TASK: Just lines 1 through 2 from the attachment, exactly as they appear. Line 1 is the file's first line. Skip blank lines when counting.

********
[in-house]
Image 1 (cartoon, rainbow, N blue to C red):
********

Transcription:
[in-house]
Image 1 (cartoon, rainbow, N blue to C red):